Adapting to Dixie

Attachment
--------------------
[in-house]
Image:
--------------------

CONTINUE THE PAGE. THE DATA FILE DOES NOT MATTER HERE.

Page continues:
My dissertation examines the process of cultural adaption and change. Nineteenth-century Lutherans in many ways were cultural outsiders and a religious minority. They were confessional in a land of evangelicals. A fundamental divide between Lutherans and their evangelical neighbors was that Lutherans did not believe that an emotionally charged conversion experience was necessary in order to obtain salvation. Whereas evangelicals believed individuals had to decide to accepted Jesus as their personal lord and savior in order to receive salvation and grace, Lutherans believed that God made the decisions to save individuals, and they received God's grace and salvation as a totally free and unmerited gift. Lutherans, therefore, had to decide how to respond to the revival movement that swept across the antebellum south. While Lutheran theological tradition focused on a mystical and yet intellectual relationship with God obtained by studying the Bible, the popularity of revivals forced Lutherans to negotiate their religious differences with their evangelical neighbors. Moreover, since Lutherans placed such value on an intellectual relationship with God, they emphasized the importance of education even when those around them were hostile to education. Unlike evangelicals, Lutherans did not have church courts, but they were still very interested in public morality. My dissertation examines how they negotiated their response to the moral dilemmas of their day such as drinking, dancing and dueling, which were important components of honor culture. Lutherans also found themselves separated from their evangelical neighbors due to the fact that they spoke German while the evangelicals spoke English. For many Lutherans the German language and Lutheranism were inseparable. This language barrier not only separated Lutherans from their neighbors but also acted as a wedge between the older Lutheran generations who spoke German and the younger generations that grew up speaking English. Lutherans had to decide whether to give up German, the language of Luther, or risk losing the youth. Upon arriving in North Carolina, they were confronted with the issue of slavery. While evangelicals at first rejected slavery and only slowly embraced it, Lutherans appeared to have no moral qualms with the institution. Finally, North Carolina Lutherans were members of a national Lutheran church at a time when national evangelical churches were being torn apart due to sectional tensions. It was only after the country was at war that a schism finally occurred in the national Lutheran church. My dissertation examines how North Carolina Lutherans and Lutherans across the country were able to hold their church together as long as they did and how this division finalized North Carolina Lutherans' southernization. This project begins with the Lutherans' arrival in North Carolina just prior to the Revolutionary War and concludes with the aftermath of the Civil War. The majority of German Lutherans lived in the piedmont region of North Carolina, and this study focuses geographically on this region. As a social history this project explores questions of how German Lutherans eventually transformed from outsiders to proud members of the Confederate nation. "Adapting to Dixie" examines the dynamics of rapid cultural change in which Lutherans struggled to retain a sense of their separateness while still conforming to the region's mores.